So Kersdale on the joyous leper. He was not afraid of leprosy. He said so himself, and that there wasn't one in a million for him or any other white man to catch it, though he confessed afterward that one of his school-chums, Alfred Starter, had contracted it, gone to Molokai, and there died.
"You know, in the old days," Kersdale explained, "there was no certain test for leprosy. Anything unusual or abnormal was sufficient to send a fellow to Molokai. The result was that dozens were sent who were no more lepers than you or I. But they don't make that mistake now. The Board of Health tests are infallible. The funny thing is that when the test was discovered they immediately went down to Molokai and applied it, and they found a number who were not lepers. These were immediately deported. Happy to get away? They wailed harder at leaving the settlement than when they left Honolulu to go to it. Some refused to leave, and really had to be forced out. One of them even married a leper woman in the last stages and then wrote pathetic letters to the Board of Health, protesting against his expulsion on the ground that no one was so well able as he to take care of his poor old wife."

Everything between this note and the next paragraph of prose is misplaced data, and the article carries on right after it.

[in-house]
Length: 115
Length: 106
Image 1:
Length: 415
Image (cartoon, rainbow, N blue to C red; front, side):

"What is this infallible test?" I demanded.
"The bacteriological test. There is no getting away from it. Doctor Hervey—he's our expert, you know—was the first man to apply it here. He is a wizard. He knows more about leprosy than any living man, and if a cure is ever discovered, he'll be that discoverer. As for the test, it is very simple. They have succeeded in isolating the bacillus lepræ and studying it. They know it now when they see it. All they do is to snip of bit of skin from the suspect and subject it to the bacteriological test. A man without any visible symptoms may be full of the leprosy bacilli."
"Then you or I, for all we know," I suggested, "may be full of it now."
Kersdale shrugged his shoulders and laughed.
"Who can say? It takes seven years for it to incubate. If you have any doubts go and see Doctor Hervey. He'll just snip out a piece of your skin and let you know in a jiffy."
Later on he introduced me to Dr. Hervey, who loaded me down with Board of Health reports and pamphlets on the subject, and took me out to Kalihi, the Honolulu receiving station, where suspects were examined and confirmed lepers were held for deportation to Molokai. These deportations occurred about once a month, when the last good-byes said, the lepers were marched on board the little steamer, the Noeau, and carried down to the settlement.
One afternoon, writing letters at the club, Jack Kersdale dropped in on me.
"Just the man I want to see," was his greeting. "I'll show you the saddest aspect of the whole situation—the lepers wailing as they depart for Molokai. The Noeau will be taking them on board in a few minutes. But let me warn you not to let your feelings be harrowed. Real as their grief is, they'd wail a whole sight harder a year hence if the Board of Health tried to take them away from Molokai. We've just time for a whisky and soda. I've a carriage outside. It wont take up five minutes to get down to the wharf."